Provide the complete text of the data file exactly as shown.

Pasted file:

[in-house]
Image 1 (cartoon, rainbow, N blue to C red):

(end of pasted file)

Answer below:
[in-house]
Image 1 (cartoon, rainbow, N blue to C red):